Your 5E D&D Game is But a Dream with Fey Wanderer from Tasha’s Cauldron of Everything
My approach to Dungeons & Dragons always centers on the story more than mechanics. This remains true for fifth edition D&D same as it did way, way back in the day when I started playing the game with the classic Red Box and applies whether I’m the Dungeon Master or not. My perspective often surprises people, these days mostly because of the sort of work I do. So whenever I check out new 5E D&D material from Wizards of the Coast, our own content or any other creators I’m most interested in how these characters, objects and places inspire the gaming experience. Tasha’s Cauldron of Everything introduced lots of exciting new subclasses to the game and I’m positively enchanted by the Fey Wanderer Ranger Archetype and what it brings to the table. So let’s get into it.
Storytelling through mechanics of 5E D&D
Tasha’s Cauldron of Everything brings two new Ranger Archetypes into 5E D&D and while Nerdarchist Dave examined the Swarmkeeper I called dibs on the Fey Wanderer. There’s lots of reasons for this. I’m a huge fan of fey folklore in general for starters. The Fey Wanderer also wonderfully illustrates a thought I had not long after Tasha’s Cauldron of Everything released. In fact since first thinking along the lines of 5E D&D content subtly encouraging more players to become DMs my view of the book’s hidden incantation makes me think the game is transitioning into the roleplaying game subgenre as a bonafide storytelling game.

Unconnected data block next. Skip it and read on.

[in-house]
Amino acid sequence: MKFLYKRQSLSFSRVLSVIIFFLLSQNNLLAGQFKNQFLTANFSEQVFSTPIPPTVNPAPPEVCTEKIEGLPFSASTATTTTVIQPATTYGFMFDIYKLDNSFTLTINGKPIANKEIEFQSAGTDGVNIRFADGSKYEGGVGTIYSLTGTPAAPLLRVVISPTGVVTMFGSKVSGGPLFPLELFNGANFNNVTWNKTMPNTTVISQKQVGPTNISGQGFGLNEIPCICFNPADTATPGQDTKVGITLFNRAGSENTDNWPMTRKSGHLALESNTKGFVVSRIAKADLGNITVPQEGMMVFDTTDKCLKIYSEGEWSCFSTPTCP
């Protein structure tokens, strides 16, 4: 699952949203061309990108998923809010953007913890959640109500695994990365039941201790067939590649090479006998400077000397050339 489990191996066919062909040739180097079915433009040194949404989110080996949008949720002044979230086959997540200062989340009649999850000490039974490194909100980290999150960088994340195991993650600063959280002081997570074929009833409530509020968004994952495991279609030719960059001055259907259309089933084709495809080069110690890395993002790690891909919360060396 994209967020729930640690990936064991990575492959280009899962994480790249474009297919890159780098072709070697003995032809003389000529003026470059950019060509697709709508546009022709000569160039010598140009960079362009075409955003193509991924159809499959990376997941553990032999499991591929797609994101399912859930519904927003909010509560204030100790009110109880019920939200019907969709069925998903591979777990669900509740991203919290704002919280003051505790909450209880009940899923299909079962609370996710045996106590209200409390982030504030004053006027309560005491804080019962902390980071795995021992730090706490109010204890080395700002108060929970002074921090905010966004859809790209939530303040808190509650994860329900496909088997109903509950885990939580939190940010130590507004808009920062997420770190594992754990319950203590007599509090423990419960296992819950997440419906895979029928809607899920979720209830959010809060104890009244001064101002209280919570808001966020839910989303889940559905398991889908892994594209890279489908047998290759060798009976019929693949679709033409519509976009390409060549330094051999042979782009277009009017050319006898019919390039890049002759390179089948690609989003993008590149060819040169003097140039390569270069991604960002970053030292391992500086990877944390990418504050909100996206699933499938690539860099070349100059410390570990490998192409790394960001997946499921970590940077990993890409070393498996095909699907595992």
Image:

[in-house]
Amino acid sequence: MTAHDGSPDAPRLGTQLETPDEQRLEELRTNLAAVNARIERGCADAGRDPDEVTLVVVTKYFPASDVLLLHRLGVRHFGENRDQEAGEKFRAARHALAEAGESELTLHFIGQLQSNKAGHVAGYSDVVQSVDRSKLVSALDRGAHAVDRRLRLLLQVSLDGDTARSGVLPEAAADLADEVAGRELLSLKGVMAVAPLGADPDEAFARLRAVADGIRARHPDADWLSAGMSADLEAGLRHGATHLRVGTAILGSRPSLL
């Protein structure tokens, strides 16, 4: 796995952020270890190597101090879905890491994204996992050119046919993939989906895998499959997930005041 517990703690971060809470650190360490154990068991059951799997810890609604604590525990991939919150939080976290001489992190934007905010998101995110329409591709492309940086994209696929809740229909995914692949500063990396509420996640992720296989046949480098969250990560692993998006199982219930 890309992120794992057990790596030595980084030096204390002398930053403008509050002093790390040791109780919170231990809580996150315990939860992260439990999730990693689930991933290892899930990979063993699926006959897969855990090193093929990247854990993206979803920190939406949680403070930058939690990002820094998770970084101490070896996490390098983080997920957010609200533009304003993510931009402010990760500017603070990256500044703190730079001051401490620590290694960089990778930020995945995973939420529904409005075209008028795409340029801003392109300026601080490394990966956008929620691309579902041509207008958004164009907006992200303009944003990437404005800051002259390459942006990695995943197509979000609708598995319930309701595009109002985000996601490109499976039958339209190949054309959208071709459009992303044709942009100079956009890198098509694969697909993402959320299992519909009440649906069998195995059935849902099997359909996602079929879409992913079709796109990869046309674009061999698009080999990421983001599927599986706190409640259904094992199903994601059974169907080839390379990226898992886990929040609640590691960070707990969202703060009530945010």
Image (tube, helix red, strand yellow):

These types of games de-emphasize rules in favor of creating a believable story and immersive experience for all involved. I don’t know if this sort of thing is ever discussed internally at WotC but the anecdotal evidence I see through interactions with the D&D community (and in this job it’s quite heavy!) shows me this is the case for many players. Based on the tremendous growth of the game during this 5E D&D era I can’t argue with the expansive variety of playstyles out there. And while I’m far removed from being a crunch enthusiast it does seem strange to me and a little disappointing considering the vast array of other RPGs out there.